Every September, people around the country recognize National Suicide Prevention Month. But we need to continue the conversation the rest of the year, and that’s why today I’ve decided to speak out about my son’s suicide.
Two years ago, I was sitting on the porch swing with my 20-year-old son Brennen – a vibrant, smart, talented and motivated college student. But he looked tired that day. His eyes were weary.
That day plays over and over again in my mind. It was my last day with my son.
Living in Federal Way as a school administrator and foster parent to 52 children, I have worked with students experiencing homelessness, mental health and addiction crises, rape, assault, suicidal ideation and self-harm.
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My experience helped me recognize a month earlier when Brennen, a graduate of Tacoma School of the Arts and a sophomore at Portland State University, was not acting like himself.
So, I went to him; “Whatever it is, we can handle it,” I assured him. He told me he was struggling with a new addiction to cocaine.
With the support of family, Brennen completed a 51-minute required phone intake to access mental health and addiction services. Unfortunately, their first available in-person intake appointment wasn’t for 29 days. We called daily to see if there was a cancelation, but there was nothing sooner.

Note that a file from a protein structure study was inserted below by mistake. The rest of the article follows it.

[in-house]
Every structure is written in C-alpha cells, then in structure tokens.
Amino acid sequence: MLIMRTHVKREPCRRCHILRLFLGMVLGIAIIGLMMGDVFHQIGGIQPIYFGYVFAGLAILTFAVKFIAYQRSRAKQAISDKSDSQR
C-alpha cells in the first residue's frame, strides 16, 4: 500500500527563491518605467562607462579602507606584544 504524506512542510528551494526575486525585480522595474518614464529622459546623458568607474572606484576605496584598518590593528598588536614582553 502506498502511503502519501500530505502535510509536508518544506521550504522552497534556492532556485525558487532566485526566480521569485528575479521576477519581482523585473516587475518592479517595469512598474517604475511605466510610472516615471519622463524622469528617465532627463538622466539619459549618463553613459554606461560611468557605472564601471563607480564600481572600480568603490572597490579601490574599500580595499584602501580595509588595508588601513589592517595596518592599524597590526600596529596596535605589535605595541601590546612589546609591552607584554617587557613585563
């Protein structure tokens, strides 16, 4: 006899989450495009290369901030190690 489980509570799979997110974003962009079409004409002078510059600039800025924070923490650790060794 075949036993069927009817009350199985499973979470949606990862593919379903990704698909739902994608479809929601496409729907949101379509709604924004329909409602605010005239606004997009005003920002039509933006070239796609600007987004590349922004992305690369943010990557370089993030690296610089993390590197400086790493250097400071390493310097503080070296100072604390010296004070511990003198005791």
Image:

That day on the front porch swing was five days before his appointment. I took Brennen’s face in my hands. I said everything a mother would want to say had she known it was her last moments with her son. He assured me he was just tired and would go to bed as soon as he finished texting his girlfriend.
The next day, Brennen drove to a pawn shop. My 20-year-old son legally bought a 12-gauge shotgun in less than five minutes. He then walked across the street to a Sportsman’s Warehouse and, for the price of a Happy Meal ($4.99) he purchased bullets.
Within the next hour my beautiful son lay dead in the Tillamook forest.
Nearly 58 people die by gun suicide in our country every single day. That averages to more than 21,000 Americans who die by gun suicide every year.
In America, access to a gun during a period of personal crisis can be the difference between life and death. Suicide is often an impulsive act, and it is often caused when needed help is delayed.
Research shows that those who survive a suicide attempt and get help are unlikely to try again. Since attempts with a gun are almost always deadly, access to a gun increases the risk of death by suicide. In my son’s case, it was easier to get a gun than to access mental health care and addiction medicine.
Last year I joined the Everytown Survivor Network to advocate for Initiative 1491, a ballot measure creating extreme-risk protection orders in our state.
These orders empower a person’s immediate family members, or law enforcement, to petition a court to temporarily suspend the person’s access to guns if the person is at risk to himself or others. Thankfully, Washington voters supported this measure, and it is now law.
The passage of I-1491 was an important victory – and will save the lives of many Washingtonians. Connecticut has its own version of an extreme-risk protection order, and it has been linked to a reduction in suicides.
As we conclude National Suicide Prevention Month, I urge everyone to talk to neighbors, friends, teachers, children and legislators about what we can all do better throughout the year to help save lives.
Rachel Smith-Mosel of Federal Way is a member of the Everytown Survivor Network.